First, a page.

• A Tribute to the Memory of John Hill and Chad Jensen by Sam Sheikh: “These games are story generators, and playing them often results in the creation of war-movie narratives reminiscent of Hollywood.” Sam looks back on the design legacies of John Hill and Chad Jensen, drawing attention close ties that Chad made to John’s Squad Leader with his own masterwork: Combat Commander: Europe.

 Rules of Order by Trevor Bender: Trevor discusses the importance of ethical behavior in gaming and recounts a personal experience of a player facing aggression and bullying from another player. It emphasizes the need to consider others’ enjoyment and maintain healthy relationships within the gaming community, highlighting the significance of ethical norms and fair play.

• Snakes and Ladders Nr2: That’s Not a Wargame! by Harold Buchanan: Harold highlights the importance and challenges of defining what constitutes a wargame. He argues that personal definitions and exclusivity within the wargaming community can lead to a negative reputation. He suggests that instead of focusing on rigid definitions, it is more beneficial to have a broad understanding and welcome diverse perspectives. The article concludes by highlighting a case where a board game, U-BOOT, won multiple awards at the Charles S. Roberts Awards, despite some arguing that it didn’t fit the traditional definition of a wargame, emphasizing the idea that definitions may not matter in the end. Volko Ruhnke also throws in his two cents in a sidebar!

• Non-linear games for a non-linear World by Riccardo Masini: Riccardo dissects the concept of non-linearity in wargames and its implications for historical simulation. The author explores how traditional wargames often simplify complex cause-effect relationships, while newer games embrace non-linear mechanics to represent hidden factors and uncertainties. The article also highlights the inclusion of non-linear elements in modern wargames, such as the use of cards and player interactions, which provide a broader representation of historical events and enhance gameplay.

• The Soviet Collective: The Long Dawn by Darin Leviloff: Worthington Games has released a Deluxe Edition of the Soviet Dawn game, originally published in 2013. The game was inspired by the Russian Civil War and incorporates solitaire gameplay, offering players a unique narrative experience. The Deluxe Edition features improved production quality, including a mounted map, professional printed game markers, and visually appealing cards. The game’s success has also influenced other solitaire games within the hobby, leading to the development of various titles inspired by its mechanics.

• Flying Colors: Serpents of the Seas: Two Lost Battles by Mike Nagel: This issue of C3i Magazine includes two scenarios for Flying Colors and Serpents of the Seas that were initially excluded from the games. The Penobscot Expedition, originally planned for Serpents of the Seas, had to be cut due to space constraints and the inclusion of a ship already present in Flying Colors. Knowles’ Action was intended for the third deluxe printing of Flying Colors but couldn’t fit due to content limitations, so both scenarios are now presented in the magazine.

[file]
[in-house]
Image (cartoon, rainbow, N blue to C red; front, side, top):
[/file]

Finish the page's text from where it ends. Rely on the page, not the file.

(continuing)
• C3i Interview: Dan Fournie by Sam Sheik: Dan Fournie is a retired military officer and a notable figure in the wargaming community. He has authored numerous articles and game modules, focusing primarily on ancient history and warfare. Fournie’s interest in history extends beyond the ancient era, including World War II and modern warfare. He served in the U.S. military, with assignments in West Berlin, South Korea, Colombia, and Iraq. Fournie is known for his expertise in ancient battles, particularly his affinity for Hannibal and the Punic Wars.

• Through A Cracked Lens (Or, Looking Back at How RBM’s Fire & Movement Magazine Opened Up a Wide World of Gaming for me) by Andy Nunez: Andy recounts his journey into the wargaming hobby, starting from his rural upbringing with limited exposure to games. Discovering board wargames in college, with Kriegspiel being his first real wargame experience, this led himto explore other games, including Rise and Decline of the Third Reich, which ignited their passion for the hobby. He also expresses his appreciation for Rodger MacGowan’s artwork in Fire & Movement Magazine and reflect on the changes in the wargaming industry over the years.

• Origins of Briefings, Arquebus, Fire & Movement to C3i Magazine by Warren Williams: Warren gives us his personal account of the his friendship with Rodger MacGowan and their shared passion for wargaming. It describes their high school and college years, playing Avalon Hill games, and their collaboration in creating and publishing Fire & Movement Magazine, a review magazine for war games.

• Stopping the Panzers: or How 3rd Canadian Infantry Division saved the Normandy Invasion by Rob Bottos: Rob argues that the game “Normandy ’44” fails to accurately represent the role and importance of the Canadian forces in the Battle of Normandy. He suggests changes to the game rules to reflect the Canadians’ specific tasks and capabilities, including the formation of Brigade Fortresses to counter German armored counterattacks. The author highlights the Canadians’ significant role in stopping the Panzer divisions and praises their training and professionalism.

Inserts Inside Nr 35:

  • Countersheet, C3i Magazine Nr35 – Index of this issue’s die-cut counters (see Page 67)
  • Burma: The Forgotten War – RBM Studio Game – by Mark Herman
    Game Rulebook (36 pages), Game Mapsheet, Playing Cards and die-cut Counters
  • SPQR Battle Module – Battle of Lake Trasimene – by Gian Carlo Ceccoli & Daniel A. Fournie
    Module Set-Up Booklet (12 pages), Game Mapsheet and Leader Counters
  • Roman Disaster at Teutoburg – C3i Solitaire Game – by Pascal Toupy
  • Labyrinth: ISIL – High Watermark – 2015 Scenario – by Trevor Bender